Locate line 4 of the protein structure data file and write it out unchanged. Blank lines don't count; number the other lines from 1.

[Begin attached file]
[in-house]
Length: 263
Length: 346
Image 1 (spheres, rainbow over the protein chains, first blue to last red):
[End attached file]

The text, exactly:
Image 1 (spheres, rainbow over the protein chains, first blue to last red):